If Microsoft hopes to make inroads in the tablet market, it's going about it in a very odd way: Pricing its products too high to gain much market share. The latest instance is the just-announced prices for the Surface Windows 8 Pro tablet, at $899 for a 64 GB version and $999 for the 128 GB version.
Panos Panay, General Manager of Microsoft Surface, announced the pricing on the Official Microsoft Blog. He also announced that the Surface Windows 8 Pro will be available in January.
Those Surface prices, by the way, don't tell the true cost of the Surface models. Prices don't include a Touch Cover or Type Cover, which cost at least $120. So that puts the prices at $1019 for the 64 GB version and $1119 for the 128 GB version.
You can buy an iPad for $499 (with 16 GB only; it costs $599 for the 32 GB model, and $699 for the 64 GB model.) So why would you want to pay more than $1,000 for a Surface tablet?
The answer is that you wouldn't. At these prices, Surface Windows 8 Pro tablets are clearly aimed at enterprises, not the consumer market. And some analysts believe that Microsoft set the prices so high not in order to sell a lot of them, but to allow its competitor's prices to seem like bargains, and so help them sell plenty of those.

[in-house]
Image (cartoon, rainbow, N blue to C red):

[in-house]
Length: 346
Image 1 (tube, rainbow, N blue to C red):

"The Surface Pro pricing leaves room for device makers to come down in price without compromising margins too much. This is an enterprise play, not a consumer play, at least for now."
One benefit of the Surface Windows 8 Pro over the RT-based Surface is that because it runs Window 8 rather than RT, it will run desktop apps, which the RT-based Surface won't do. But at more than $1,000 that's a steep price to pay. Enterprises can an buy Windows 8 notebooks or even ultrabooks for less money.
There's another problem with aiming the Surface Pro at the enterprise market: Enterprises aren't particularly keen on Windows 8 at the moment because it breaks so significantly with past versions of Windows. And in a BYOD world, there's no reason to choose a Windows-based tablet over an iPad.
The upshot? Because of its pricing, I don't expect the Surface Pro to be a winner.